This Hybrid Model Has Snead’s Pivot Action

It is a little different from the way I built the original MCS Classic Golf Swing pivot on Ben Hogan’s action.

Hogan’s was such a good action, it was the perfect pivot, if you will, for swinging in the manner that my modeling has prescribed.

For a pivot action where one performs the lifting-heel pivot with a stable head position however, I have found that it requires more of a Sam Snead pivot action.

To wit:


Now, there is a bit of a glitch in the down swing coming through impact, but that is because Snead’s kept his trailing foot anchored through to the finish instead of releasing it (I’m sensing a trend here with swings flaws of the better players in the world, past and present).

If Snead had shifted his weight completely into the leading foot through the bottom and performed that delayed step-around finish, he’d have looked a good deal like Dunaway.


Even with that little issue of the anchored trailing foot, he came through impact with a pretty low trailing heel.  If you watch this swing below:


… you’ll observe that very low heel through the swing bottom, and to be honest, until I had glanced at the black and white gif. above a day or two ago, where his pivot action instantly gave me the feel of what I’ve been doing the past couple of months, I hadn’t even thought of Snead a swinging anything like Dunaway.

The swing bottom and through to the finish however are very close to Dunaway.

Of course, he didn’t resemble Dunaway in his back swing pivot.  He pivoted the way I’ve worked out one must swing with a lifting leading heel and stable head position in order to swing down in the manner I deem optimal:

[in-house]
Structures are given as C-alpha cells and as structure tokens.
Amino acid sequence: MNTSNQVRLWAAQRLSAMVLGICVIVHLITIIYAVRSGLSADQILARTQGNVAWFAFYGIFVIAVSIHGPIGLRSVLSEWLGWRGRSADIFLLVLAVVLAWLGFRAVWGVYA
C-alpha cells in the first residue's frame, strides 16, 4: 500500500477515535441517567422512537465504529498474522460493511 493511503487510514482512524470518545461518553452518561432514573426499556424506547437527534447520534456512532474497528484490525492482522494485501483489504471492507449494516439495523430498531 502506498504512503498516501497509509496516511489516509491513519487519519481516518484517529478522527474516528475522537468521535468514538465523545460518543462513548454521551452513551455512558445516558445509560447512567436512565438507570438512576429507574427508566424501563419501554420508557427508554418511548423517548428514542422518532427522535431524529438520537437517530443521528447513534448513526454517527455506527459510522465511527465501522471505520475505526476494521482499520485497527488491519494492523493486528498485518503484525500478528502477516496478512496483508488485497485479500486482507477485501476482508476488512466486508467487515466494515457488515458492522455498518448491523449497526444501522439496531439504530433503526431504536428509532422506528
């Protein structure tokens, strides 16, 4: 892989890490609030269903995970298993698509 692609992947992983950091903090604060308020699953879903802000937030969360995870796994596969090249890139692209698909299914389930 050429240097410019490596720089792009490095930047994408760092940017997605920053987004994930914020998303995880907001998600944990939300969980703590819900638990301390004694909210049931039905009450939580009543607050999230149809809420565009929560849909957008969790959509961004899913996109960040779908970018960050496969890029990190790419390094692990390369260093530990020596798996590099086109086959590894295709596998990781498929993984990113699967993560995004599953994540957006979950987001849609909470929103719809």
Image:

I don’t know many swingers as long as Snead was (he was certainly as long as or longer than Jack Nicklaus, and he never incurred any swinging injuries in his career, so pure was his action), who could swing that hard and fast with a beautifully stable head both on the back pivot as well as down into the swing bottom.

There’s nothing I need to study about Snead’s swing the way I broke down Nicklaus’ and Hogan’s years ago – and this is the funny thing here…


I used to look at this same gif. above and I loved Snead’s pivot action – I knew it was a Classic Golf Swing pivot, but try as I might, I could never figure it exactly out.

Then, after spending two months since my last Tracer Golf session figuring out exactly the setup and pivot and down swing action to produce a pivot that gives one a stable head, unimpeded leverage and a down swing through the bottom with both feet flat on the ground and a delayed step-around…

I figured out Snead’s back swing pivot action.

It was a matter of just reviewing my blog as I do periodically to see what people are reading while I am on a bit of a hiatus from regular posting, and the second I saw that gif. above of Snead that someone had clicked upon, I literally said, “Bam! That’s the pivot action for my new model!”

Sometimes, it’s far easier to spot something after you’ve figured it out than to actually figure it out from watching the motion.

After all, I’d studied that pivot and tried many times to see exactly how Snead was doing it, but it eluded me, likely because I wasn’t in the exact same setup that he had when he got over the ball.

The minute I build a setup more like his and figured out the pivot action to get me to the top for the down swing action I wanted, it jumped right out of the monitor at me watching Snead swing.

Just as when I mentioned a while back that, when you figure out that the swing is more vertical than diagonal, Jack Nicklaus‘ vertical back swing lift just jumps out at you.

I love it when things come full circle.

The work continues.